Want to invest your FD proceeds in mutual funds? Here is how to do it

Most individuals can’t think beyond bank deposits when it comes to deploying their savings. However, fixed deposits do not pay much, and the interest is added to the income and taxed as per the Income Tax slab applicable.

This is the main reason why many investors investing in debt mutual funds instead of parking money in bank deposits. Debt mutual funds may offer market linked returns, which could be marginally higher than bank deposits.

If invested with a horizon of more than three years, debt mutual funds may offer better after-tax returns. Investments in debt mutual funds held over three years are taxed at 20 percent with indexation benefit. The indexation helps to bring down the actual taxes to a single-digit in an inflationary scenario.

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If you are investing for less than three years, both bank deposit and debt mutual funds are taxed similarly. Returns or interest would be added to the income and taxes as per the income tax slab applicable to the investor.

If you would like to explore debt mutual funds, here is some help.

Point to note: there are several kinds of Debt mutual funds. You should choose a scheme that matches your investment horizon and risk profile.

Liquid Funds are very low-risk funds. They invest in highly liquid money market instruments. They invest in securities with a residual maturity of upto 91 days. Investors can park money in them for a few days to few months. These funds may offer marginally higher returns than bank deposits.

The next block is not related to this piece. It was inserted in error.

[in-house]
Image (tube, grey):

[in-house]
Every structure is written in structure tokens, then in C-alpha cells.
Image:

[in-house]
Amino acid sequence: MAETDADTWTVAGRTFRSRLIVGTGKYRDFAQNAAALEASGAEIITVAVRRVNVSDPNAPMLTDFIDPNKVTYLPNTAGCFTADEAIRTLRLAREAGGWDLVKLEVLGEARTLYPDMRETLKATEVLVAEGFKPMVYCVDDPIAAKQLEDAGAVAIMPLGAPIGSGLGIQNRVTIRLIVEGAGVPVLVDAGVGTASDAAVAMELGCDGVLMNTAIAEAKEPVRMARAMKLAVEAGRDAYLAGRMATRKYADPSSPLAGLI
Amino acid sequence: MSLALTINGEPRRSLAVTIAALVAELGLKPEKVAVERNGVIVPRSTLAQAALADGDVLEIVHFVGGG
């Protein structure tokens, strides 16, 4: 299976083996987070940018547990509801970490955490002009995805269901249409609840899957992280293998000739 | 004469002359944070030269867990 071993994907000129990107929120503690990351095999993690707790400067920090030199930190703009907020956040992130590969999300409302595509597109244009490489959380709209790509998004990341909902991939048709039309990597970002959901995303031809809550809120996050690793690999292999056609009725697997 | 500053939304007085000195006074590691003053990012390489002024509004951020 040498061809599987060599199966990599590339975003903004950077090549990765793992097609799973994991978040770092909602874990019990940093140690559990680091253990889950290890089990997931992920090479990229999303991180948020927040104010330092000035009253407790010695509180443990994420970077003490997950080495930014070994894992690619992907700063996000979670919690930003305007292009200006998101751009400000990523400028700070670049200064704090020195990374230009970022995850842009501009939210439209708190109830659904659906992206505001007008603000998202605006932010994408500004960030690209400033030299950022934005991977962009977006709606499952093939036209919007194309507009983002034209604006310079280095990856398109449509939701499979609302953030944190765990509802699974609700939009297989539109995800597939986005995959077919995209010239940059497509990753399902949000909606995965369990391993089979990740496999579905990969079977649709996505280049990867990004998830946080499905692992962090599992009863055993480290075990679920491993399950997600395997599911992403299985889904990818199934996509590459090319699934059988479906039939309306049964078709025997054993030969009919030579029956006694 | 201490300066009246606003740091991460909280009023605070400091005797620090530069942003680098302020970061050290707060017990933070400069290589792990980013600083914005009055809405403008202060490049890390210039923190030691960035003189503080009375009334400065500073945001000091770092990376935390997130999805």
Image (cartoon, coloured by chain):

For eg. Portfolio of Aditya Birla Sun Life Floating Rate ST

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Floater funds are mostly invest in floating rate instruments. These schemes will invest at least 65 per cent of the total asses in floating rate instruments.

For eg. Portfolio of Kotak Floater ST
 

Banking and PSU funds are predominantly invest (80 percent of assets) in debt instruments of banks, public sector undertakings and public financial institutions.

For eg. Portfolio of ICICI Prudential Banking PSU Debt

Manage your portfolio and enter into the next level of your financial status

Fixed Maturity Plans (FMPs) are a good alternative to fixed deposits for investors in the higher tax bracket. These are closed-ended debt mutual funds with defined maturity. FMPs usually invest in securities which match their tenure and follow buy and hold till maturity strategy. This makes it free from interest rate risk. An FMP may match the yield offered by its portfolio constituents with minute deviations. FMPs also have credit risk, which means that its returns will be hit ..

For eg. Portfolio of Reliance FHF XXXV S16

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Short-Term Funds invest mostly in debt securities with an average maturity of one to three years. These funds perform well when short-term interest rates are high. They are suitable to invest with a horizon of a few years.

For eg. Portfolio of Franklin Templeton Franklin India Low Duration

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Dynamic Bond Funds have an actively-managed portfolio that varies dynamically with the interest rate view of the fund manager. These funds invest across all classes of debt and money market instruments with varying maturities. They are ideal for investors who want to leave the job of taking a call on interest rates to the fund manager.

For eg. Portfolio of IIFL Dynamic Bond